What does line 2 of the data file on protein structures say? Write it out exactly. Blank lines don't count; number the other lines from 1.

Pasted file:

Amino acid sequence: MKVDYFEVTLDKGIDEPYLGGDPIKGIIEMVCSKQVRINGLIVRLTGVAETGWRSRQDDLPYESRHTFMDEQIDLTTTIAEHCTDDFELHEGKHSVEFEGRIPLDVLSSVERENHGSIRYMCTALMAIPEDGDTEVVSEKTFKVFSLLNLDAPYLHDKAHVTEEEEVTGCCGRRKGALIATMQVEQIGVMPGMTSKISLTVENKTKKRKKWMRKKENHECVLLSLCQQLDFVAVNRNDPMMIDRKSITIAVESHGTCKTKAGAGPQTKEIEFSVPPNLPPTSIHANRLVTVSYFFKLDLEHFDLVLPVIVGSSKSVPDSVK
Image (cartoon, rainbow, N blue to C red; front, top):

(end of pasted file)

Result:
Image (cartoon, rainbow, N blue to C red; front, top):